Summer offers many opportunities for dining outdoors. But remember: "Al fresco" dining, as suggested by its name, requires things to be fresh and stay fresh.
"Fruits and vegetables are always a safe bet for outdoor dining," says Kristin Gustashaw, MS, RD, LDN, a clinical dietitian at Rush University Medical Center. "And the variety and color lets you get really creative with the presentation. They're also highly nutritious and light. In fact, most fruits and vegetables are really 'nutrient dense.' You get a lot of nutrition with a relatively small caloric intake."
Gustashaw suggests making your own salad bar using a well-iced cooler. Just place containers with fruits and vegetables and other dishes for your salad bar directly in the ice. You can then close the cooler when not in use, providing a creative way to serve your guests while keeping food at its freshest and safest.
Remember, as with any food preparation, you want to keep things:
Clean – your hands, containers and any surfaces that you're serving on
Separate – to avoid cross contamination
Chilled – below 40 degrees for cold dishes
Cooked – to a safe internal temperature (usually above 170 degrees) for hot dishes
Another consideration is to bring only the amount of food that you're going to serve. "Many people don't realize that we should discard any food leftover after an outdoor event," says Gustashaw. "It's so easy for it to become unsafe when cold foods get too warm or when heated foods cool down too much or too slowly. Also, when insects contact food, they contaminate it to the point of being unsafe."
You may also want to avoid foods that you have to be overly cautious about, such as foods that contain ingredients like eggs and mayonnaise.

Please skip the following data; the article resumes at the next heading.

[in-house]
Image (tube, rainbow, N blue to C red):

Many people forget that you also have to be careful in your backyard. "Remember to keep things on ice as you would on a picnic or re-refrigerate food as soon as possible," says Gustashaw. And follow the FDA's clean, separate, chill and cook guidelines.
You'll also want to remember to keep your guests hydrated in the summer heat. You can provide calorie-free or low-calorie beverages like iced tea, flavored waters, and low-calorie lemonade mixes. "These can be spruced up with fresh fruit garnishes," suggests Gustashaw.
It's easy to have a safe summer outing. Just keep things fresh, by making sure heated foods are kept heated and cold foods are kept on ice or refrigerated until being eaten. Also, consider nutrient-dense and low calorie choices.
Looking for a dietitian? Call (312) 942-DIET (3438)
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Please note: All physicians featured in Discover Rush Online are on the medical faculty of Rush University Medical Center. Some of the physicians featured are in private practice and, as independent practitioners, are not agents or employees of Rush University Medical Center.
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